A century of leadership in dental education
Celebrating the Faculty of Dentistry's 100th graduating class
Ryan McNutt - May 24, 2012
This year, the Faculty of Dentistry celebrates its 100th graduating class. Throughout May, we'll be running a series of articles on the faculty's lasting legacy. For more on the centennial, visit daldentistry100.ca.
Its beginnings were humble. Its initial plans were modest. But its vision was so clear that its goals have remained largely unchanged for a century.
This year marks the centennial anniversary of Dalhousie’s Faculty of Dentistry. First inaugurated as the Maritime Dental College in 1908, it was merged into Dalhousie in 1912 and graduated its first class of four students that same year. Its first dean was Dr. Frank Woodbury, who came from a large family of dentists, and who laid the groundwork for a dental school built on a foundation of excellence to serve the entire Maritime region.
Fast forward a decade to 1922. William Gies is traveling North America, reviewing dental schools for a report that would later become known as the “bible” of sorts for North American dental education. He visits Dalhousie, and his assessment is glowing, to say the least. He refers to the Faculty of Dentistry as being built on “an absolutely correct and sound foundation.”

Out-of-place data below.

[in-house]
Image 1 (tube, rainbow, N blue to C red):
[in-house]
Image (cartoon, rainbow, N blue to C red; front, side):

That doesn’t surprise Oskar Sykora, retired faculty member and author of Maritime Dental College and Dalhousie Faculty of Dentistry - a History.
“When I was looking into it, I found it astonishing that even in those early days of the faculty, so much emphasis was being put on prevention and maintenance,” he says. “Something must have been going on right from the beginning.”
Fast forward again, this time 90 years, to 2012. The Faculty of Dentistry, with its centennial on the horizon, wins the American Dental Education Association’s award for achievement — an award, fittingly, named after Dr. Gies. It’s the first Canadian dental school to take home the honour.
“It shows the constant, high quality and innovation, through the lifespan of the faculty,” says Dr. Sykora. “It’s something that’s been there right from the beginning, and it’s been maintained and celebrated for 100 years now. That’s rather incredible.”
A strong start
In the 19th century, dentistry in what would become the Maritime provinces was treated as more a trade than a profession. In a 1994 article in Nova Scotia Historical Review, Dr. Sykora describes early practitioners as “usually itinerant, rarely establishing themselves permanently within a community; and they were often obliged to combine dentistry with other health-related services, in order to eke out a living.”